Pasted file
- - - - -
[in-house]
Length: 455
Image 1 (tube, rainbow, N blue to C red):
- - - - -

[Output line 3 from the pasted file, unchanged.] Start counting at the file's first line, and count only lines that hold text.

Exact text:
Image 1 (tube, rainbow, N blue to C red):